In another life I was a consultant for a company led by neuroscientists and psychologists. I learned so much about the human brain and was awfully fascinated.
The way the brain works, the different areas of the brain and how malleable the brain is.
The toddler and teenage years are the two stages in life where the brain is at its most malleable. So events that take place during those years play a big role in how things play out later.
What is trauma?
Anyone who has a toddler knows how quickly a toddler’s world can fall apart. My two year old had a melt down when the sun was setting because she didn’t want it to be night time. A teen may have a similar reaction if they can’t locate their phone for five minutes.
Trauma is complex and can vary from person to person. Trauma describes a situation or event that is so painful and distressing, it overwhelms a person’s ability to cope.
The brain and trauma
A synapse is a connection of our brain cells. These are the pathways we create in our brain as we learn. Trauma during neurological development of these stages could impact synapse connectivity.
The pre frontal cortex and limbic system are the two areas most affected by trauma.
The pre frontal cortex is the rational, outer layer of our brain responsible for problem solving and logic. The limbic system is the part of the brain that regulates emotion.
What scientists have found is a decrease in cortex function and an increase (hypersensitivity) in the limbic function.
It’s easy to think that toddlers aren’t affected by trauma due to them not remembering. Yet, this is a vital age of their brain development. The foundation of different areas of the brain is maturing and taking shape at this age.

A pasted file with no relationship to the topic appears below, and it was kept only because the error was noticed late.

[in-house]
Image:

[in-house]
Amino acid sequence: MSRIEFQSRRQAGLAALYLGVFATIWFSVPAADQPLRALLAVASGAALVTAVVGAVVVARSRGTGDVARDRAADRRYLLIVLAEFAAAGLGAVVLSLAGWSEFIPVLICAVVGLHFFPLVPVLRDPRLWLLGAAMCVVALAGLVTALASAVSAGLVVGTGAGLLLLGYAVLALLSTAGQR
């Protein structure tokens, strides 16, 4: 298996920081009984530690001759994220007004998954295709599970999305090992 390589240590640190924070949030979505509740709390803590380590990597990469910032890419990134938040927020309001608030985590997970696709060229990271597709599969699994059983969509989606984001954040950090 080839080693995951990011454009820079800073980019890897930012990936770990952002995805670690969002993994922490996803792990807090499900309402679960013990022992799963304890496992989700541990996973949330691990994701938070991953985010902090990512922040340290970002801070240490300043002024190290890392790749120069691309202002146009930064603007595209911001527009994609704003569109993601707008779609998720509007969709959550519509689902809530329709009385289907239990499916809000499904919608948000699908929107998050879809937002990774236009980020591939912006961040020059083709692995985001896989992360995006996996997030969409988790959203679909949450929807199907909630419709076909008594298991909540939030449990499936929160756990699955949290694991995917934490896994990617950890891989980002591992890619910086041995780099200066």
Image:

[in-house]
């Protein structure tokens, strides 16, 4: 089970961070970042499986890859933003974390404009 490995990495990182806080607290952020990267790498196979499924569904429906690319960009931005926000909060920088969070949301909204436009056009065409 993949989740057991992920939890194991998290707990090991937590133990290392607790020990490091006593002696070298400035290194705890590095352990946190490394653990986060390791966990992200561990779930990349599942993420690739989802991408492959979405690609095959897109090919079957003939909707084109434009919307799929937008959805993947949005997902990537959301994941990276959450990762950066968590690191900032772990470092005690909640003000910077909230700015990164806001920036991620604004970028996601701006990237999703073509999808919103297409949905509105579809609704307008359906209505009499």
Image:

As such, if a traumatic event takes place, it will impact the way in which the brain develops.
Children need to understand they are safe. From a young age, children need nurturance to understand that safety. Hugs, warmth, reinforcement and so on. This in turn leads to healthy brain development.
Why teenagers need so much sleep
Due to so many developments in the teenage brain, teenagers usually need about 9 – 10 hours sleep a night.
By the teenage years, the brain has gone through much development and maturity. The pre frontal cortex is the part of the brain associated with reasoning, logic and consequential thinking. The cortex is still developing at this age, which is why you see erratic, risky behavior of teenagers.
If a teenager goes through a traumatic event during these years, the development of the cortex will suffer.
What studies have shown, is that while those areas in the brain still develop, the wiring isn’t as effective. This causes a disconnect between the emotional brain and the reasoning brain. Victims of trauma at this age can suffer from behavioral difficulties, depression, anxiety and other psychological conditions.
What can parents can do?
The great news is that studies have shown these effects to be reversible. It’s a process that may involve medication and seeing a therapist. Every case is different and there is no exact method to apply to everyone. There are many services available to help any victims of trauma at any age. If you have cause for concern about your child, start by seeing your GP to discuss the options available.